Posted on 12 October 2022
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As saunas, cold showers and the like have grown in popularity for their reported physical and psychological benefits, so too has the idea of combining these practices. Many people advocate taking a cold shower or ice bath immediately after using the sauna or vice versa for increased benefit. This certainly isn’t a new practice. In some cultures, most famously in Finland, taking a plunge from the sauna into an icy lake is a time-honoured tradition. What’s the idea behind this, and is there any evidence to back it up?
We previously covered in greater detail how exposure to extremes of both cold and heat can, individually, provide health benefits. Initially, high and low temperatures have opposite effects on the body. High temperatures cause more blood to be diverted towards the skin to aid heat dissipation, while cold temperatures result in blood being diverted away from the skin and extremities. This adaptation is plain to see, as skin visibly reddens or pales depending on the temperature. Heat also causes sweating, while cold temperatures trigger several responses to increase the heat generated by the body. One of these responses, shivering, is readily visible. Cells also begin to consume stored calories in order to generate additional heat, a process that mainly occurs in special fat tissue called brown fat.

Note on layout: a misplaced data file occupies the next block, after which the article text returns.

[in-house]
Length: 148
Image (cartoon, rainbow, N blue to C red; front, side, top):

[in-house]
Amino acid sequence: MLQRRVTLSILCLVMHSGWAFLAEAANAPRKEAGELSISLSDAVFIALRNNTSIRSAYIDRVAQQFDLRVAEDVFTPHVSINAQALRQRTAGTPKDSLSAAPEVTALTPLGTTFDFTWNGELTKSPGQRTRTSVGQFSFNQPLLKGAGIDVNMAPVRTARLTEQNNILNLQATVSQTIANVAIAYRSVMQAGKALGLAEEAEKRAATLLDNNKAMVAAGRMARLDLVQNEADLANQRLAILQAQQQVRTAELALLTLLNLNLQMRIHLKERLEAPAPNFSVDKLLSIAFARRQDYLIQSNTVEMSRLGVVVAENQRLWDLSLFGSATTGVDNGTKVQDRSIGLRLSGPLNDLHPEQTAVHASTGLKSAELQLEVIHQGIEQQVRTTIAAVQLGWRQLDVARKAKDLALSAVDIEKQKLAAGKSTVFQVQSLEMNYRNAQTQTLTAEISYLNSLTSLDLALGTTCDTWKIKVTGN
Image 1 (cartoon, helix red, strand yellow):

While hot and cold temperatures may trigger opposite responses, they can benefit health in similar ways. Both heat and cold adaptation strain the cardiovascular system, which improves cardiovascular health in the long term, and seem to mimic some of the beneficial effects of exercise. Furthermore, exposure to extremes of temperature increases the body’s ability to adapt to temperature changes in the future. Some research also suggests that, individually, extremes of temperature may have a variety of other benefits including improved immunity, reduced inflammation and accelerated healing of certain injuries.
There are several ways in which alternating between hot and cold temperatures, such as taking a cold shower in between saunas sessions, could carry additional benefits.
The first, most simple explanation is that exposure to cold makes the subsequent sauna session more enjoyable and tolerable, and vice versa. This allows people to spend longer at each extreme of temperature than they otherwise would.
Similarly, cold exposure may allow people to rapidly recover from the heat stress of a sauna session, allowing them to re-enter the sauna sooner.
It is also conceivable that alternating between two extremes of temperature could amplify the resulting health benefits. One plausible mechanism for this is that the metabolism benefits in some way from being forced to rapidly switch from one temperature response to the opposite response. Another is that the supply of blood to the skin and extremities also affects the delivery of oxygen, so rapid changes in oxygen supply could trigger beneficial signals in some tissues.